Boxes here, boxes there, boxes, boxes everywhere! Every thing these days seems to have a subscription box to the rescue. From make up to food to perfumes to kids’ activity boxes – there are boxes and boxes to choose from. In a booming consumer economy like ours – where people are well travelled and well read, it is a great way to explore and discover options in any market. Mumbai Mom has tested out various boxes – from beauty subscription boxes to meal kit boxes, but has purposefully shied away from one category – KIDS!
Surprised? Well, the explanation is a bit convoluted but do hear me out. I’ve always found the entire ‘educative toys’ economy a bit overwhelming. Call it the hindsight of a second time mother, but flash cards and mid-brain activation systems make even hairs waxed out of my hand – stand! I am from the ‘let children be children’ school of thought. And therefore, I never gave any thought to getting kids’ activity boxes for our children.This rather reckless assumption came to a screeching halt when the good people at Flintobox contacted us for a review. I was pretty upfront about my attitude about such boxes and the fact that I would only do an honest review (which this is going to be – and it is NOT a paid review).
Call it the hindsight of a second time mother, but flash cards and mid-brain activation systems make even hairs waxed out of my hand – stand! I am from the ‘let children be children’ school of thought.
So here goes, Mumbai Mom’s unflinchingly honest review of the Flintobox : Kids’ Activity Boxes .
Kids’ Activity Boxes
A brief background of the Flintobox service : it is a monthly subscription box with up to six graded activities for children – there are different boxes for different age segments. One can visit the Flintobox website and choose the subscription based on the age group of child.
The Flintobox that I received for review was for the 2-3 age group since my son is almost three years old. The theme of the box that I received was ‘Amazing Animals’. There were 6 different activities that were neatly packed away in 6 separate well labelled bags. I was very impressed by the size of the box – it was quite compact for the number of activities that it was carrying.
As previously mentioned, the activity box that I chose was for the 2-3 age group.
The first activity that we opened out was a simple puzzle set ( 3-5 pieces ) of different jungle animals and their young ones. What surprised me most was the quality of the puzzle. I am not going to mince words here – there are children’s puzzles out there which have wood splinters or are made out of bendy styrofoam like material that somehow never fits together. Therefore the quality of the product itself was something of a revelation for me. Not to mention that the puzzles were all well designed – in terms of the art work, execution and even the so called ‘cognitive’ learning for the child. And hullo, my little monster actually sat and played with the puzzle for 30 mins+ flat! For me that was a bigger WIN than anything – keeping a child engaged and entertained without resolving to tomfoolery on a screen device is a great achievement for any parent.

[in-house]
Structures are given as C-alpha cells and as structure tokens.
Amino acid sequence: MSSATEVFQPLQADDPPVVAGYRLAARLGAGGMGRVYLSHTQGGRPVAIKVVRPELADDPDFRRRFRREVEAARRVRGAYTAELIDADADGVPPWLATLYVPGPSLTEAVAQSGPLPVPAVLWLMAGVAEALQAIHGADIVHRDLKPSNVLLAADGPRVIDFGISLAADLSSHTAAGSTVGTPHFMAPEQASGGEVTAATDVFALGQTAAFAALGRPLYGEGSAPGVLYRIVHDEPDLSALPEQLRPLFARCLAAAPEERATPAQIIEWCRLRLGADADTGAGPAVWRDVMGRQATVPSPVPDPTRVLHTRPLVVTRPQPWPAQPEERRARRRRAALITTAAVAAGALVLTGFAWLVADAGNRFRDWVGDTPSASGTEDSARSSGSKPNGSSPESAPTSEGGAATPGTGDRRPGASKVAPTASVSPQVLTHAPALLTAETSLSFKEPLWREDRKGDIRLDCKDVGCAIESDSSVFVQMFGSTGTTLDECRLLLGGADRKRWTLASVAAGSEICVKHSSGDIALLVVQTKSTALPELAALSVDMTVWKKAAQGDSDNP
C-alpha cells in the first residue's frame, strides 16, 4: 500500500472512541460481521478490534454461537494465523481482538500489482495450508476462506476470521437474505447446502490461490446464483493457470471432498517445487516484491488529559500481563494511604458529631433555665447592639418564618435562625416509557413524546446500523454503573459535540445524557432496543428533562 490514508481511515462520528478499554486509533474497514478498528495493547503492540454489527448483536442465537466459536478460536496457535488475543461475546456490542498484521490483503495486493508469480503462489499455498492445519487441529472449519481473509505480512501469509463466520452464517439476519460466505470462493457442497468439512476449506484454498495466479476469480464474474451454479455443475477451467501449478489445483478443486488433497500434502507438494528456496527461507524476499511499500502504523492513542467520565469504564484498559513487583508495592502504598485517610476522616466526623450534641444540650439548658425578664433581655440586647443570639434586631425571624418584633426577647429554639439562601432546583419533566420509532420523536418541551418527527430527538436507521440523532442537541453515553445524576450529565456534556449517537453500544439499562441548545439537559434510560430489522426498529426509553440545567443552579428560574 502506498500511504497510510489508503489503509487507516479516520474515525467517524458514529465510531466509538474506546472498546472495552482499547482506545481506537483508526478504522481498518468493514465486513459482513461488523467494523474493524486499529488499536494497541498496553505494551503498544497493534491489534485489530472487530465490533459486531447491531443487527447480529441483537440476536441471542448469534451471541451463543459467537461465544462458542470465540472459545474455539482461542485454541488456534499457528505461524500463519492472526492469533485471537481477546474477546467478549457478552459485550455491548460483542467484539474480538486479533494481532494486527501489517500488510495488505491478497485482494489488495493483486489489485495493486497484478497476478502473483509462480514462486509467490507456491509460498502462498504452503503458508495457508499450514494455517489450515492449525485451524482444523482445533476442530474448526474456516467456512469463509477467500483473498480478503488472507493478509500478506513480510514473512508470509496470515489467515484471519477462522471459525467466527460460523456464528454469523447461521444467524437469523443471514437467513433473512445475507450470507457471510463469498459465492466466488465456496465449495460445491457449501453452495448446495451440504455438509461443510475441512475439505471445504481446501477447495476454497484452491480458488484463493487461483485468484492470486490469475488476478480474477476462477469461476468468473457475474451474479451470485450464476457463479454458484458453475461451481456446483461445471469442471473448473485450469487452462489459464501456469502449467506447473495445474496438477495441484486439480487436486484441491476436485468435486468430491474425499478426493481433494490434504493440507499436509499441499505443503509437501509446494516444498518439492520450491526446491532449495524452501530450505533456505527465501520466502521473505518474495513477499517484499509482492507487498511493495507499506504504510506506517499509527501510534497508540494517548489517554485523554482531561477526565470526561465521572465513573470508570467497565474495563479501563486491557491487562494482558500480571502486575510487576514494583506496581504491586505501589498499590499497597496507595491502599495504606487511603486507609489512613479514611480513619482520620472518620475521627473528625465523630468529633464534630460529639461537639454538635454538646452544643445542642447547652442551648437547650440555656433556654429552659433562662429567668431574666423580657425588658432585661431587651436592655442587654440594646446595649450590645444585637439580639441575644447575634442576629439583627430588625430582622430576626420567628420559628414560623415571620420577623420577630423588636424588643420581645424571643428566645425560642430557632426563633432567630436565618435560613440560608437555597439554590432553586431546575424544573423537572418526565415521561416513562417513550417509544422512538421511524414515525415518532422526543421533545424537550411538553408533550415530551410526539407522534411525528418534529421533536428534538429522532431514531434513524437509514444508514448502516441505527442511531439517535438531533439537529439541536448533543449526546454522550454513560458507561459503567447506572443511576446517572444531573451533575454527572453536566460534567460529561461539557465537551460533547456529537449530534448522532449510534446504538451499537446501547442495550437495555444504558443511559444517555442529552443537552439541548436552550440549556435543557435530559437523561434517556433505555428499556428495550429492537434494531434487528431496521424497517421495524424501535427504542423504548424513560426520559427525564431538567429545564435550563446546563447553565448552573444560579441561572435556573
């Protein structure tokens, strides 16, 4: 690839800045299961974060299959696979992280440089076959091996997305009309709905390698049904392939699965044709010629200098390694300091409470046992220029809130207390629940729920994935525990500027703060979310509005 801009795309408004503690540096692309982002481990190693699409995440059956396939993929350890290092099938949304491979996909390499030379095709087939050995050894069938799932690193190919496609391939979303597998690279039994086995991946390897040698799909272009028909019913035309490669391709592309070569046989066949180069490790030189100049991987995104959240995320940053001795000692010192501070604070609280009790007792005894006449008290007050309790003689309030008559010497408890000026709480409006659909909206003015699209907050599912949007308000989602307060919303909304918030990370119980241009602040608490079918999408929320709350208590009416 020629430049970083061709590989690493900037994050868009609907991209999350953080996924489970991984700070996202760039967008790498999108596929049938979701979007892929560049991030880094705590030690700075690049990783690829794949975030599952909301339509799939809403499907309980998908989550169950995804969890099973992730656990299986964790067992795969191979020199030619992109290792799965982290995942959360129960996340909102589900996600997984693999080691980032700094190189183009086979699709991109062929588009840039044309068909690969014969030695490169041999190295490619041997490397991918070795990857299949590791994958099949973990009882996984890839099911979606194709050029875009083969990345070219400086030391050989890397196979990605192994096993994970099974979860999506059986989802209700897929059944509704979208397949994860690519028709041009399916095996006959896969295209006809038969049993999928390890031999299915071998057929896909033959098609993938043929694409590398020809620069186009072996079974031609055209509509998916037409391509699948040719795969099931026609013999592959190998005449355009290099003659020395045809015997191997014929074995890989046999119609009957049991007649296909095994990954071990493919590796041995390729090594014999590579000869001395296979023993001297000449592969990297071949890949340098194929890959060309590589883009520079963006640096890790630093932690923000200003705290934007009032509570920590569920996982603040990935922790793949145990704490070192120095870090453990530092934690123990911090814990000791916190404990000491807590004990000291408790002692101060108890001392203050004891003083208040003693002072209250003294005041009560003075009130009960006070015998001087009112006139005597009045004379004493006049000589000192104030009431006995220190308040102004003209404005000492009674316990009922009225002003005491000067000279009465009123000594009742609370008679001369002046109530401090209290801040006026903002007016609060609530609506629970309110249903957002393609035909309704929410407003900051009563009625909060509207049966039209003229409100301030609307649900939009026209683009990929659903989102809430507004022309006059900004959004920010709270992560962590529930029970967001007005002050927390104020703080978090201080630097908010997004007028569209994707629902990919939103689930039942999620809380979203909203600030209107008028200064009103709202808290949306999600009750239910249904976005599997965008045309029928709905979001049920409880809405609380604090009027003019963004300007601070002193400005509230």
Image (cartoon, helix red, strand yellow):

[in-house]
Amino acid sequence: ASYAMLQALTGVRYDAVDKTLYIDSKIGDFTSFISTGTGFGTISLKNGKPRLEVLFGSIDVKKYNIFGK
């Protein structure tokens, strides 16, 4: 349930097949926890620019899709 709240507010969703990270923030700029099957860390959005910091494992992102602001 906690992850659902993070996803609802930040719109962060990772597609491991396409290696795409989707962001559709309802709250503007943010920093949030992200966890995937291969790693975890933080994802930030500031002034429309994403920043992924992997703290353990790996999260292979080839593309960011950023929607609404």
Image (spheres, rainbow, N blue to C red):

The other five boxes included innovative games : ‘Where I live’ was a silhouette matching game of animals with their habitats; ’Little Alligator’ was a fun dress up game with a cute costume – one that both my 3 year old and 9 year old played with and had a blast with; ‘Snake lines’ was a threading activity – with some innovative usage of cardboard tubes ; ‘Animal Prints’ was a sensory messy play activity which came equipped with its own gloves, apron and animal cut outs ; ‘Sounds in the Jungle’ was a lovely little book with a story about all the sounds that jungle animals made.
Learning and Engagement
During and after every activity, parents have the choice of using a guideline to assess how much the child has learnt though the activity. If you use this as a guideline and don’t fret over it – its a useful tool at best. There are also ideas about how to extend the activity forward – which I found mighty interesting and useful. To turn a game around on it’s head is after all what creativity is all about. Furthermore, all the activities in the box followed the same theme and design sensibility – and this I think ensured that the child could seamlessly take the learnings from one activity to the next.
Without going into a deep-dive analysis about what my child learnt through the activities in Flintobox, I can very confidently say that whatever he learnt (Lion’s little one is called cub – bingo!) was in a fun way. More than anything, I was truly happy with the fact that my kiddo was spending time doing fun, creative stuff rather than zipping around the house in all manners of four wheelers (Don’t ask!).
The Research and Development team at Flintobox clearly spends a lot of time in designing these boxes. As a parent I found the attention to detail very good and even the materials used being of a superior quality. I can say that I am a convert to the idea of subscription boxes as opposed to draining out approximately the same amount of money on one piece of Made in China plastic.
However, there are caveats : Boxes of activities arriving every month would mean that much space requirement in your home; Most of these activities require some amount of parental guidance or presence – do not expect these to be babysitters like the iPad; Mumbai Mom has not tested the boxes for older kids – so no comments on that.